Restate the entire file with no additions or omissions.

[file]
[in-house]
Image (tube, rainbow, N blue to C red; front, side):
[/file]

[in-house]
Image (tube, rainbow, N blue to C red; front, side):